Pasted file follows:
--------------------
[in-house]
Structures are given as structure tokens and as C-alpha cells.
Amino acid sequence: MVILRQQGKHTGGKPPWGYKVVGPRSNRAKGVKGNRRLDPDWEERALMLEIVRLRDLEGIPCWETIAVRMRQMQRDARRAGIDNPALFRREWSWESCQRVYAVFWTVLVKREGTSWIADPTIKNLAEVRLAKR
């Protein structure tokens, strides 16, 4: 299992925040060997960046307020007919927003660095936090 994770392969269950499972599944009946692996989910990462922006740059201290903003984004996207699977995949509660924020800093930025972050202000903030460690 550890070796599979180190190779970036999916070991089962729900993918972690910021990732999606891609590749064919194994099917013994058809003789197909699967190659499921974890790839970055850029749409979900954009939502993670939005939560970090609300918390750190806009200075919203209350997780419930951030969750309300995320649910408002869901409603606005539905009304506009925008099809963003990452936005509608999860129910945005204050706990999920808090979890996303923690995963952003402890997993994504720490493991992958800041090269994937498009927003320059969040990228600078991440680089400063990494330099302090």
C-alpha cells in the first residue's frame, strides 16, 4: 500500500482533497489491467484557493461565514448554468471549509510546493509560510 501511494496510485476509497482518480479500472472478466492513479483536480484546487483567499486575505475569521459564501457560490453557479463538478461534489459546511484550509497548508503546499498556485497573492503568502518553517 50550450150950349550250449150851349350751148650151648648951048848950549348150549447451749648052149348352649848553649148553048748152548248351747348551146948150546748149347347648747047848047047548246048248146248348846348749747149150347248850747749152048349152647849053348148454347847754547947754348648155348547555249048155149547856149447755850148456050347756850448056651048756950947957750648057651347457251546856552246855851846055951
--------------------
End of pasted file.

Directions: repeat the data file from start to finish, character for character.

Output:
[in-house]
Structures are given as structure tokens and as C-alpha cells.
Amino acid sequence: MVILRQQGKHTGGKPPWGYKVVGPRSNRAKGVKGNRRLDPDWEERALMLEIVRLRDLEGIPCWETIAVRMRQMQRDARRAGIDNPALFRREWSWESCQRVYAVFWTVLVKREGTSWIADPTIKNLAEVRLAKR
């Protein structure tokens, strides 16, 4: 299992925040060997960046307020007919927003660095936090 994770392969269950499972599944009946692996989910990462922006740059201290903003984004996207699977995949509660924020800093930025972050202000903030460690 550890070796599979180190190779970036999916070991089962729900993918972690910021990732999606891609590749064919194994099917013994058809003789197909699967190659499921974890790839970055850029749409979900954009939502993670939005939560970090609300918390750190806009200075919203209350997780419930951030969750309300995320649910408002869901409603606005539905009304506009925008099809963003990452936005509608999860129910945005204050706990999920808090979890996303923690995963952003402890997993994504720490493991992958800041090269994937498009927003320059969040990228600078991440680089400063990494330099302090």
C-alpha cells in the first residue's frame, strides 16, 4: 500500500482533497489491467484557493461565514448554468471549509510546493509560510 501511494496510485476509497482518480479500472472478466492513479483536480484546487483567499486575505475569521459564501457560490453557479463538478461534489459546511484550509497548508503546499498556485497573492503568502518553517 50550450150950349550250449150851349350751148650151648648951048848950549348150549447451749648052149348352649848553649148553048748152548248351747348551146948150546748149347347648747047848047047548246048248146248348846348749747149150347248850747749152048349152647849053348148454347847754547947754348648155348547555249048155149547856149447755850148456050347756850448056651048756950947957750648057651347457251546856552246855851846055951